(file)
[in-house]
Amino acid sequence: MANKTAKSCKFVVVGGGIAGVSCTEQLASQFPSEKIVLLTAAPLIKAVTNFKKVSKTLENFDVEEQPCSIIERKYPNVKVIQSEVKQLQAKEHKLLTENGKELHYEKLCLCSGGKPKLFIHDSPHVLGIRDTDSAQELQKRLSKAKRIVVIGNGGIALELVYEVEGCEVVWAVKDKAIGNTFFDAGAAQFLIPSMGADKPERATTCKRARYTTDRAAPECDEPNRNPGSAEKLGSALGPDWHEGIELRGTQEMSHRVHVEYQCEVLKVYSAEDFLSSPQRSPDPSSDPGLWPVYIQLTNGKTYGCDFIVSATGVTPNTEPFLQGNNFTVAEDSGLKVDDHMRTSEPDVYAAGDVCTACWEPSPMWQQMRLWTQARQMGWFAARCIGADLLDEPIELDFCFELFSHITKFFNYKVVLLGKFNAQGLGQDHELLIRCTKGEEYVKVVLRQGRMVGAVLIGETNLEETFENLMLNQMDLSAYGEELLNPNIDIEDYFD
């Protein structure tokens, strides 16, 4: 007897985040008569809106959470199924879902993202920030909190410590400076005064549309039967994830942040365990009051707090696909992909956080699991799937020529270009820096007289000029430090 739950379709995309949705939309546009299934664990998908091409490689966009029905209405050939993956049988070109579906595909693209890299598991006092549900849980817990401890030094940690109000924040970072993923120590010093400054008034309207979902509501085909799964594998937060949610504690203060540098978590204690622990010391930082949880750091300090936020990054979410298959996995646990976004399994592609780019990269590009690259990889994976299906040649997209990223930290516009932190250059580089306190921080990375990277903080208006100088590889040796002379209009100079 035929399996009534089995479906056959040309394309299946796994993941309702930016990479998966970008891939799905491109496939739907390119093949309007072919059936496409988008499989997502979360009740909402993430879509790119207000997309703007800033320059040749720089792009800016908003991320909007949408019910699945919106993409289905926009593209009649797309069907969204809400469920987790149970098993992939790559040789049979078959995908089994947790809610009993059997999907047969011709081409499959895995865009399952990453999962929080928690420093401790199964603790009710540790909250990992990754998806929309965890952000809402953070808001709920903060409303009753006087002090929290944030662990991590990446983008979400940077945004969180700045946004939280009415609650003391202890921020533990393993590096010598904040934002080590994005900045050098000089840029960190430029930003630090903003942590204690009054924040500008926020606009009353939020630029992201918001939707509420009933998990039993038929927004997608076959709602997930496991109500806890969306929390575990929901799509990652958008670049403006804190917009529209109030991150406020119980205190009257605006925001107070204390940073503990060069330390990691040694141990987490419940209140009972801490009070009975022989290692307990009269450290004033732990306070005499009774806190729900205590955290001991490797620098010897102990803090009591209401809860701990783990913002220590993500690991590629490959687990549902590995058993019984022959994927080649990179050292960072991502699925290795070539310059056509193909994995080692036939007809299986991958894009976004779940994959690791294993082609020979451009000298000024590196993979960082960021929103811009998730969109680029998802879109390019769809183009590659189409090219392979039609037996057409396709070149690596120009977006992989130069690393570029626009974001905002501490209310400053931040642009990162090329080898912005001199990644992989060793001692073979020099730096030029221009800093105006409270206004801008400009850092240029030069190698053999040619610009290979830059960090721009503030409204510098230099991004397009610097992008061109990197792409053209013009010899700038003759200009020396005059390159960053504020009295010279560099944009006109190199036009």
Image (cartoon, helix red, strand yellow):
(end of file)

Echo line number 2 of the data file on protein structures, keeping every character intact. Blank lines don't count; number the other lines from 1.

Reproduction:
Amino acid sequence: MANKTAKSCKFVVVGGGIAGVSCTEQLASQFPSEKIVLLTAAPLIKAVTNFKKVSKTLENFDVEEQPCSIIERKYPNVKVIQSEVKQLQAKEHKLLTENGKELHYEKLCLCSGGKPKLFIHDSPHVLGIRDTDSAQELQKRLSKAKRIVVIGNGGIALELVYEVEGCEVVWAVKDKAIGNTFFDAGAAQFLIPSMGADKPERATTCKRARYTTDRAAPECDEPNRNPGSAEKLGSALGPDWHEGIELRGTQEMSHRVHVEYQCEVLKVYSAEDFLSSPQRSPDPSSDPGLWPVYIQLTNGKTYGCDFIVSATGVTPNTEPFLQGNNFTVAEDSGLKVDDHMRTSEPDVYAAGDVCTACWEPSPMWQQMRLWTQARQMGWFAARCIGADLLDEPIELDFCFELFSHITKFFNYKVVLLGKFNAQGLGQDHELLIRCTKGEEYVKVVLRQGRMVGAVLIGETNLEETFENLMLNQMDLSAYGEELLNPNIDIEDYFD